Elon Musk has surprisingly revealed he is considering taking the electric car company private once again. In a tweet, the founder and CEO says he has secured the funding to buy out publicly-owned shares.
In a series of tweets on August 7, Musk said existing Tesla shareholders could choose to sell at $420 per share, or keep their holding and be part of a private enterprise that’s no longer traded on the stock market.
All-in-all, Musk’s proposal values the e-car pioneer at around $72 billion. The offer is a significant premium on the share price that spiked on Tuesday. Following the unconventional announcement through the social media platform, Tesla shares rose 7.4% to $367.25. Now trading has halted pending further news (via Reuters).
Musk, who currently owns around 20% of Tesla, followed up the tweet by promising to take care of Tesla shareholders and “ensure their prosperity in any scenario.” The founder has also informed Tesla employees of the development in a company wide email, also published online.
In the email, Musk said while a final decision has not been made, he has determined this would be the best path to take the company forward. However, he says the decision on whether to go private will ultimately be decided by a shareholder vote.
Musk says he wants to get away from the short-term pressures of quarterly financial returns, so shareholders can make decisions based on the long-term health of the company. In this respect, he wants Tesla to operate more like the privately-held SpaceX, but denies the two pioneering companies are merging.
He writes: “As a public company, we are subject to wild swings in our stock price that can be a major distraction for everyone working at Tesla, all of whom are shareholders. Being public also subjects us to the quarterly earnings cycle that puts enormous pressure on Tesla to make decisions that may be right for a given quarter, but not necessarily right for the long-term. Finally, as the most shorted stock in the history of the stock market, being public means that there are large numbers of people who have the incentive to attack the company.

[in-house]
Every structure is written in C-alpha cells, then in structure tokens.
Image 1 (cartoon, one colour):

“If the process ends the way I expect it will, a private Tesla would ultimately be an enormous opportunity for all of us. Either way, the future is very bright and we’ll keep fighting to achieve our mission.”
Such a move would relieve pressure on Elon Musk, who has come under fire from shareholders in recent times over the company’s inability to reach profitability, as well as the damaging Model 3 production bottlenecks. As recently as this June, Musk saw off an attempt to oust him from the company’s board of directors, with several prominent shareholders raising the possibility of limiting his power, or even deposing him.
Bringing the firm back under private control could limit the potential damage of Wall Street short-termism, while safeguarding Musk’s position at the top of the company. In the email to employees Musk said he isn’t seeking greater control than his existing 20% stake and wants all current shareholders to remain.
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